Vanilla Flavoring Class Action Lawsuit Against McDonald’s Dismissed
On March 24, 2021, the U.S. District Court for the Northern District of California dismissed a consumer class action lawsuit against McDonald’s which had alleged various causes of action relating to McDonald’s sale of vanilla ice cream that the plaintiff alleged derived some portion of its vanilla flavor from vanillin rather than vanilla bean.
The Court found that the Plaintiffs had not established that their claim—that consumers were misled by the vanilla flavor labeling—was plausible as required to survive a motion to dismiss. Specifically, the court found that the allegations of consumer deception were merely conclusory and did not establish that it was “probable that a significant portion of the general consuming public or of targeted consumers, acting reasonably in the circumstances, could be misled.” The court noted the labeling regulations that govern the retail sale of vanilla ice cream added no support for Plaintiffs’ claims because they indisputably did not apply to sales at fast-food establishments. Additionally, and serving as an independent grounds for dismissal, the court found that Plaintiffs’ had not established that they had paid a premium for the vanilla ice cream; rather the court found it to be “counter-intuitive” in the market context presented.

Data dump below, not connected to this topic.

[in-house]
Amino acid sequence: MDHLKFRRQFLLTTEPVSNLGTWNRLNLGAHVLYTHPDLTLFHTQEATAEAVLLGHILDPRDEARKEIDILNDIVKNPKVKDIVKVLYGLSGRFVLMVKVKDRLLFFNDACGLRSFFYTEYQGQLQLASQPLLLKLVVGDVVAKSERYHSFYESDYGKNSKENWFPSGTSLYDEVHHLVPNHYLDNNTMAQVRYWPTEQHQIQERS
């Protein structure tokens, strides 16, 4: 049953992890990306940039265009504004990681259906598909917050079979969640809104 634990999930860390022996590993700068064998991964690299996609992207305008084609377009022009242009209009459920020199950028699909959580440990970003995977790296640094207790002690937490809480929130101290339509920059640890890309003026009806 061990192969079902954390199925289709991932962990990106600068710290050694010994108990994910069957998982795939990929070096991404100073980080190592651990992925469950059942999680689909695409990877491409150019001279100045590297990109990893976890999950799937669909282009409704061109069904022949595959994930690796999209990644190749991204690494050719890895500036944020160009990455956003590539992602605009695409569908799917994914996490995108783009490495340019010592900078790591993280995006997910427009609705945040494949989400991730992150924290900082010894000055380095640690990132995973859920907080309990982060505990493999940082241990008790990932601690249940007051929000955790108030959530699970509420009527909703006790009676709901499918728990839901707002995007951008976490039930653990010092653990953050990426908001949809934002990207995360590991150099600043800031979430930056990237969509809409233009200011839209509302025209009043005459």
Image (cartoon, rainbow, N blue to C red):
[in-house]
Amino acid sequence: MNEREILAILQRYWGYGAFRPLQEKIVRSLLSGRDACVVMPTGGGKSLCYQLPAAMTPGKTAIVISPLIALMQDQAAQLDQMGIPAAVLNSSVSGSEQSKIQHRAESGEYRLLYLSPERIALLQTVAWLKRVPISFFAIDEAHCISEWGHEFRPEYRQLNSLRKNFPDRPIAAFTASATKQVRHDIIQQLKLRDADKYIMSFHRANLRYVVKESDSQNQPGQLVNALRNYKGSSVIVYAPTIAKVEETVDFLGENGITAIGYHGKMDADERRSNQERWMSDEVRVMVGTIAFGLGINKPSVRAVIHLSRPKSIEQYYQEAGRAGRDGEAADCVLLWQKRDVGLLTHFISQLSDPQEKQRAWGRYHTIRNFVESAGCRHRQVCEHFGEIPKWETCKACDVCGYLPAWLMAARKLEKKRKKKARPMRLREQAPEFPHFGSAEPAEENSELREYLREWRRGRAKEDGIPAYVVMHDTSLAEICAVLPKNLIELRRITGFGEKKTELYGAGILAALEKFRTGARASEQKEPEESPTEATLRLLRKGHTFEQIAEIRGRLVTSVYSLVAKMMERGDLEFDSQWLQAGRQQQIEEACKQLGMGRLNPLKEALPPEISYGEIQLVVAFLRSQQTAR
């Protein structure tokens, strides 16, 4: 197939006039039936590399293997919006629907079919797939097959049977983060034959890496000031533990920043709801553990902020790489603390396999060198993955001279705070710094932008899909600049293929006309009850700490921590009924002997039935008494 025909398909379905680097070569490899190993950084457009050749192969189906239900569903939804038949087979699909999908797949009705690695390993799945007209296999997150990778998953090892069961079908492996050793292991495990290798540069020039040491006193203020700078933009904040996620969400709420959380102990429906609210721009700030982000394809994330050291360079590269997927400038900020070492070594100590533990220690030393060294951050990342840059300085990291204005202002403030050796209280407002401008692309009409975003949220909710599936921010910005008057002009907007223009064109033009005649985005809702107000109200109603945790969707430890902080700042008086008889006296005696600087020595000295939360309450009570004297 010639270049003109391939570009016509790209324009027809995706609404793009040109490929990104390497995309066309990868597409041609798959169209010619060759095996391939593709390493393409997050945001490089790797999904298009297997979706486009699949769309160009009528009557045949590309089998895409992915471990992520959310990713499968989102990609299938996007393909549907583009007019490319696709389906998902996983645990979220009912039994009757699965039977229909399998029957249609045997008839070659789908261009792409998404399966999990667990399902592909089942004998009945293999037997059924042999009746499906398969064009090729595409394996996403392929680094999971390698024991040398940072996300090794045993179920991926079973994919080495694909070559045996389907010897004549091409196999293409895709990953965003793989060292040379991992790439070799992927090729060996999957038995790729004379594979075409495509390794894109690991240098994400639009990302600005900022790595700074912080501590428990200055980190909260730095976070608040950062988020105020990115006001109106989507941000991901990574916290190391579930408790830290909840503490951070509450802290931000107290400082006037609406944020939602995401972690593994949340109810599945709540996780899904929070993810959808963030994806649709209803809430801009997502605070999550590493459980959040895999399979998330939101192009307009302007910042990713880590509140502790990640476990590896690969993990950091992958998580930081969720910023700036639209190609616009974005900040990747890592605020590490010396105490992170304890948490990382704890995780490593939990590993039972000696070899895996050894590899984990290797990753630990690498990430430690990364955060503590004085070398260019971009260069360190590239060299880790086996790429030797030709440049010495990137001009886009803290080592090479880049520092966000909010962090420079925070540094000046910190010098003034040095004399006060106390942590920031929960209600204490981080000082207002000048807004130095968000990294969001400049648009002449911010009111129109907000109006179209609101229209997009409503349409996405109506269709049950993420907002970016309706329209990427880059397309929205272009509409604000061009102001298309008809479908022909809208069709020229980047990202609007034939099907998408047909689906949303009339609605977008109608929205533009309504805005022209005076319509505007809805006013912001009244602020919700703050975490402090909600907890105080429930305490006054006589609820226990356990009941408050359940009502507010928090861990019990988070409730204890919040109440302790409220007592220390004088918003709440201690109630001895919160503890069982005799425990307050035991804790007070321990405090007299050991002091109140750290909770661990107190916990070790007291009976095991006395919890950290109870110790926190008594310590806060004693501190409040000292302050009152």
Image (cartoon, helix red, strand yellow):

We have reported on a variety of vanilla flavoring class action lawsuits, many of which have not survived the motion to dismiss stage. This case is another demonstration of the difficulty that plaintiffs have had in convincing the court that consumers expect vanilla flavored products to contain not only the flavor of vanilla but also the ingredient vanilla bean. An amended complaint may be filed within 30 days of the order.